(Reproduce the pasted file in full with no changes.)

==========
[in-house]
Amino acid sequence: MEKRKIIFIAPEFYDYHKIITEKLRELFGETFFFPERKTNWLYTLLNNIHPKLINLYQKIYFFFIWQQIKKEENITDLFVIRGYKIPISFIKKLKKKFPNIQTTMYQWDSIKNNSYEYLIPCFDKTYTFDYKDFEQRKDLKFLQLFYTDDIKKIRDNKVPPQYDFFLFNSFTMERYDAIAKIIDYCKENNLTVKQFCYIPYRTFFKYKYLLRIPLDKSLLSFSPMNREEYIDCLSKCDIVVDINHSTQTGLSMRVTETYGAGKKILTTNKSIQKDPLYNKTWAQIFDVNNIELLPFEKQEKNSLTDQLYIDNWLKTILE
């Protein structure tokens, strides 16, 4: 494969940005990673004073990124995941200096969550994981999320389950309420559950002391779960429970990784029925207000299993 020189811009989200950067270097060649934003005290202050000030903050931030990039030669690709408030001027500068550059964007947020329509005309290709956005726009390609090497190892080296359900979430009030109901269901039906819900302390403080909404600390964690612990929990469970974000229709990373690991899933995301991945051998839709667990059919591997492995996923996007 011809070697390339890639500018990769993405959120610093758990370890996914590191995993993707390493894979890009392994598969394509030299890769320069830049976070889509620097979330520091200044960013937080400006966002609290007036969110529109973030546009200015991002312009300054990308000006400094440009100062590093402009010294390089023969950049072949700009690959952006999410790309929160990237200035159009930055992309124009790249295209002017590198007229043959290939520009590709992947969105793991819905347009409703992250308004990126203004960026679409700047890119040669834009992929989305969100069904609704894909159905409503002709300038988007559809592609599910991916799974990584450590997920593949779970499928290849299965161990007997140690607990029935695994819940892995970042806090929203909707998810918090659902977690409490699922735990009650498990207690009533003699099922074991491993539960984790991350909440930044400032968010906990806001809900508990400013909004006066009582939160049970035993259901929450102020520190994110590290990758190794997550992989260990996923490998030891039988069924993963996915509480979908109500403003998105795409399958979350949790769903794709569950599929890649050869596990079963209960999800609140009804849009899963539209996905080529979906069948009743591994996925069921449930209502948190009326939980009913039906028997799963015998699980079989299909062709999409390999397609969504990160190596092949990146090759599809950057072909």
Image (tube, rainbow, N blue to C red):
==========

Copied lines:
[in-house]
Amino acid sequence: MEKRKIIFIAPEFYDYHKIITEKLRELFGETFFFPERKTNWLYTLLNNIHPKLINLYQKIYFFFIWQQIKKEENITDLFVIRGYKIPISFIKKLKKKFPNIQTTMYQWDSIKNNSYEYLIPCFDKTYTFDYKDFEQRKDLKFLQLFYTDDIKKIRDNKVPPQYDFFLFNSFTMERYDAIAKIIDYCKENNLTVKQFCYIPYRTFFKYKYLLRIPLDKSLLSFSPMNREEYIDCLSKCDIVVDINHSTQTGLSMRVTETYGAGKKILTTNKSIQKDPLYNKTWAQIFDVNNIELLPFEKQEKNSLTDQLYIDNWLKTILE
């Protein structure tokens, strides 16, 4: 494969940005990673004073990124995941200096969550994981999320389950309420559950002391779960429970990784029925207000299993 020189811009989200950067270097060649934003005290202050000030903050931030990039030669690709408030001027500068550059964007947020329509005309290709956005726009390609090497190892080296359900979430009030109901269901039906819900302390403080909404600390964690612990929990469970974000229709990373690991899933995301991945051998839709667990059919591997492995996923996007 011809070697390339890639500018990769993405959120610093758990370890996914590191995993993707390493894979890009392994598969394509030299890769320069830049976070889509620097979330520091200044960013937080400006966002609290007036969110529109973030546009200015991002312009300054990308000006400094440009100062590093402009010294390089023969950049072949700009690959952006999410790309929160990237200035159009930055992309124009790249295209002017590198007229043959290939520009590709992947969105793991819905347009409703992250308004990126203004960026679409700047890119040669834009992929989305969100069904609704894909159905409503002709300038988007559809592609599910991916799974990584450590997920593949779970499928290849299965161990007997140690607990029935695994819940892995970042806090929203909707998810918090659902977690409490699922735990009650498990207690009533003699099922074991491993539960984790991350909440930044400032968010906990806001809900508990400013909004006066009582939160049970035993259901929450102020520190994110590290990758190794997550992989260990996923490998030891039988069924993963996915509480979908109500403003998105795409399958979350949790769903794709569950599929890649050869596990079963209960999800609140009804849009899963539209996905080529979906069948009743591994996925069921449930209502948190009326939980009913039906028997799963015998699980079989299909062709999409390999397609969504990160190596092949990146090759599809950057072909």
Image (tube, rainbow, N blue to C red):